Something is buzzing at the new 21st Century Fort Worthington Elementary/Middle School and it’s a dance. The ‘Bee Dance’ to be exact—a pattern of twists and turns bees make when showing their counterparts where to find pollen. Sixth grade students in Mr. George’s Computer Science class operate drones they’ve programmed to perform this ‘Bee Dance’ in the school’s state-of-the-art technology lab.
Seven S. demonstrates his ability to code a successful lift off and smooth landing.
Each student takes a turn programming their drones to spin, flip, and even land at specific points across measurable distances. Drone actions like these require pre-planning. Students develop a paper prototype by mapping out a list of functions with words and diagrams. “We wrote out our ‘Bee Dance’ plans and then we had to present it to the whole class!” student Seven S. recalls. Next, students use technology—their laptops and drones—to make magic. Tony W. says, “You know you did a good programming job when your drone doesn’t crash.”
Similar to Fort Worthington Elementary/Middle School, all Baltimore 21st Century School Buildings are built to support excellence in teaching and learning with flexible and adaptable space, learning areas designed for interaction and collaboration, and technology-equipped classrooms, enabling students to meet today's—and tomorrow's—high standards.
Terry Guy, Technology Manager for the 21st Century School Buildings Program, has been with the program from the very beginning, leading the effort to provide enhanced technology throughout all 21st Century Schools. Prior to joining 21st Century, Terry worked in Baltimore City Schools’ Information Technology Department.
When designing technology packages for the schools, Terry has not only the students in mind, but also the teachers. “We want to make sure we introduce something that is simple to use, something that the teachers will appreciate. We even took into consideration that we have different age groups of teachers in the district, and we wanted to make sure that we implement something that is very user-friendly for all—nothing that is complicated.” Terry visits the open 21st Century schools regularly to check in with teachers about the technology and how it is working.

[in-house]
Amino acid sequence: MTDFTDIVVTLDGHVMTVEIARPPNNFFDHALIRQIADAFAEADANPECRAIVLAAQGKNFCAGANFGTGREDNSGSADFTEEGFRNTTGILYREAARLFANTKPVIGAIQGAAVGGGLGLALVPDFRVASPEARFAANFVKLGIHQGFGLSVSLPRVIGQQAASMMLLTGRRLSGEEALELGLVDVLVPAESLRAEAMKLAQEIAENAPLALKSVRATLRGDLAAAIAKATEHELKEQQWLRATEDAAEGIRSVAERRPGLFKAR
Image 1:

With technology being such a rapidly evolving field, keeping up with what’s new and what works best can be challenging. Terry works to stay abreast of the latest developments by doing research and having conversations with fellow technology experts, including professionals who work in other school districts. It will probably not come as much of a surprise that in his spare time, he likes to surf the internet.
Being part of this program has been “very exciting,” Terry says. “The most rewarding part for me is seeing the kids using really nice technology that they can appreciate—and that it works!”
If you’ve been to the beautiful, new Pimlico Elementary/Middle School, which opened at the beginning of the school year, you may have noticed other significant improvements made just steps away. A block with eight renovated rowhomes, right across the street from the main entrance of the school, is part of a big picture plan involving Baltimore City agencies and organizations to enhance neighborhoods for current and future residents.
Since 2006, the Park Heights Master Plan has been addressing neighborhood transformation by providing a blueprint for positive change. The Plan has guided investments and leveraged resources to improve the built environment, revitalize distressed neighborhoods and address vacant properties, increase economic opportunities, and enhance the quality of life. Through slots revenue, in combination with other leveraged public-private investment, much has been achieved in Park Heights to improve the physical appearance and social conditions of the community. Baltimore City’s Department of Housing and Community Development’s (DHCD) work in neighborhood improvement is part of this larger, inclusive economic growth strategy.
In Park Heights, significant investments are being made at scale, and these are investments that can be built off into the future. Working with the Department of Planning’s INSPIRE program, DHCD leveraged plans for the new Pimlico Elementary/Middle to enhance the connection between the school building and the surrounding neighborhood. On the 4800 block of Pimlico, DHCD partnered with a private developer to renovate vacant buildings directly facing the school. These properties are available for homeownership at affordable prices. Incentives of up to $10,000 are available to qualified buyers, and many potential homeowners could realize a mortgage payment under $700 a month.
DHCD will continue to incentivize development around Pimlico Elementary/Middle School, with particular focus on Oakley Avenue near the school, to complement the work completed on Pimlico Road. Read more about Baltimore City’s multi-agency planning for improvements around Pimlico Elementary/Middle School.